I am happy to report that we were able to produce 12,989 bales in 60 days in 196 working hours – not including transport or headland turning time. That is an impressive average baling rate of 66.27 bales per hour or slightly more than one bale per minute. This was done in some of the tougher baling conditions like baling rye and fescue grass straw after it has been combined. These are high volume and very dry crops often averaging only 3% moisture content. The numbers speak for themselves as a testimony to the machine’s reliability.
The next goal was to measure and collect data with respect to increased bale weights versus our current production 3×4 balers. In this valley the grass straw is baled then repressed into an even heavier package that is shipped overseas to an export market. The key to the success of a machine for this market is to reduce the handling by reducing the number of bales that need to be hauled to the stationary presses and processed by these presses in turn reducing the operating costs of the producers.
Getting consistent weight data was bit of a challenge due to the desire to have as many operators as possible try this machine, each with varying strengths of twine. All in all if we looked at the data for the bales made when using a high knot strength twine we saw bale weights with an approximate 20% while being baled at an average speed of 5+ mph. The advantage of using many operators in different conditions with a baler that is equipped with a scale and moisture system was that it let us look at every bale weight and moisture content so we could derive some true and accurate averages.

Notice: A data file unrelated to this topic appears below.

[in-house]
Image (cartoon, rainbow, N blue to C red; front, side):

Over 30 customers who were given the opportunity to try this baler had very favorable comments giving it a promising future to be able to increase the efficiency of our producers. With the grass straw season winding down, the baler will be moving eastward to be tested in other crops such as hay forage, grain straw, and cornstalks for the rest of the 2010 season. Stayed tuned for future updates on the success of this exciting new product. In the meantime, check out some photos from the field below.